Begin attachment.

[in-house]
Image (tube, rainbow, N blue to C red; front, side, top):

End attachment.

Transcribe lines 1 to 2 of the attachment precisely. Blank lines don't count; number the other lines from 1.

[in-house]
Image (tube, rainbow, N blue to C red; front, side, top):